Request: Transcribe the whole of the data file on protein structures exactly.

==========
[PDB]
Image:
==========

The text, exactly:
[PDB]
Image: